We strive to be reflective practitioners in our approach to teaching history. This reflection has led us to be huge proponents of constructivist, student-centered learning experiences, and we look at history curriculum and strategies through this lens. In our classrooms, we strive to find teaching tools and techniques that will help encourage our students to work collaboratively and think critically.
Three years ago, our students defined history as: “…a narrative of a series of events that is pieced together from evidence and the opinions of interpreters.” It is our goal to push students to identify and analyze these perspectives in history in order to gain analytical skills, as well as a more nuanced view of historical events. To that end, we teach students to detect bias and to write about these historical events with author’s perspective in mind. We aid the students in uncovering information, analyzing that information, synthesizing and connecting broader themes, events, and historical trends, and evaluating historical choices.
While our independent school’s history curriculum is informed and guided by the California State Standards (and now, the Common Core Standards), we have a great deal of autonomy in planning and executing lessons that we feel are meaningful and purposeful. We are supported by our administration in this and have the creative space to be able to develop our curriculum. We are lucky enough to have many technological resources at our disposal (iPads, Smartboards, etc.) so that we can incorporate technology into our lessons and our students’ learning experiences. Many of our students also have access to their own technological, internet-based devices.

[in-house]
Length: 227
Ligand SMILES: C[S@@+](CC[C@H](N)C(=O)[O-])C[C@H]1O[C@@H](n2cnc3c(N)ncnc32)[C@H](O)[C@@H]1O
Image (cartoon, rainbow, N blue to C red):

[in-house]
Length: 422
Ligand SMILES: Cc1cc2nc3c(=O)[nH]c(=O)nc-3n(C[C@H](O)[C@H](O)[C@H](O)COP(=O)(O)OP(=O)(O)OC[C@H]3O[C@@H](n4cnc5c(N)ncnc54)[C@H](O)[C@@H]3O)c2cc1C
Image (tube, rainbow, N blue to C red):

As history teachers in the 21st century, one way we make learning history relevant to our students is to help them incorporate our content with skills they can use. By integrating technology and preparing students for the world we can only imagine, we bridge the study of history to the 21st Century.
Our Hopes for the “Future of History” Blog
Though we teach U.S. History in the eighth grade, we will look at strategies, pedagogies, and historical themes that can be applied to other middle grade social studies content areas. We will blog about broad educational themes, the use of technology in the history classroom, and ultimately examine strategies to teach students how to approach this discipline in the digital age.
Also, we will keep an eye on the horizon for new teaching tools that can have an impact on our discipline, and write about what we find. We hope that in doing this we will become even more reflective practitioners, examining what we are doing in our social studies classroom. Even more, we hope to be able to learn from contributions from our readers about what is working in your classrooms.